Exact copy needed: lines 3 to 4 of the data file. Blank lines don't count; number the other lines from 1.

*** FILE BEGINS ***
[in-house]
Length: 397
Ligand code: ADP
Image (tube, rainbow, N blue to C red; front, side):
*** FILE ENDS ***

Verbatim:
Ligand code: ADP
Image (tube, rainbow, N blue to C red; front, side):